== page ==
Lawyers representing Netflix sued the City of Loveland, Colorado, alleging the government was violating state and federal laws by taxing streaming services. A Colorado state judge pulled the plug on the lawsuit just a few days later, after the city withdrew the tax assessment.
In August 2016, the City of Loveland Department of Revenue demanded the digital video streaming service Netflix pay $116,508.22 in sales taxes and late fees, claiming Netflix’s digital video transmissions to people living in Loveland were taxable as “tangible personal property.”
Lawyers representing Netflix sued the city’s Department of Revenue on October 3, 2017, alleging Loveland was attempting to apply sales taxes on physical goods to online streaming video transactions.
On October 26, the City of Loveland’s Department of Revenue rescinded the tax assessment, prompting Judge Thomas R. French of the Colorado Eighth Judicial District Court to dismiss the case on November 2 without ruling on the merits.
Mike Krause, director of public affairs at the Independence Institute, says Loveland officials were hoping for free money from Netflix.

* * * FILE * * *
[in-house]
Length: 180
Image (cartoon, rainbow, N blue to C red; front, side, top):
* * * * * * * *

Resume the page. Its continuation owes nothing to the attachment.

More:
“Loveland was not claiming to have a physical nexus,” he said, referring to the legal principle limiting taxation to entities with a physical presence in the state levying the tax. “It’s actually the opposite. It seems to me like they are saying, ‘You’re sending your electrons into our city, so pay us.’ If Netflix had a physical location and had servers in the city, maybe that would make a little bit more sense. That’s not really the case here.”
“It seems to me that this problem, this interpretation of what’s just commonly accepted sales tax practices, [was] being flipped on its head by the city,” Krause said.
Steven Greenhut, a senior fellow with the R Street Institute, says Loveland’s tax attempt was “wrong-headed.”
“The City of Loveland’s efforts to impose the sales tax on video streaming services is wrongheaded,” Greenhut said. “Netflix [was] right on point with its arguments: Local sales taxes are imposed on ‘the sales of tangible personal property that are also subject to the Colorado sales tax.’ Streaming services are not tangible, and buyers can receive the video on their devices anywhere.”
City governments across the country often try to find new ways to tax consumers, Greenhut said.
“A number of California cities have also considered expanding their utility taxes to the streaming services, and Chicago has tried to use its amusement tax to nab consumers,” Greenhut said. “These are wrong too. Local governments are notorious over-spenders and are constantly looking for new ways to tax the citizenry.”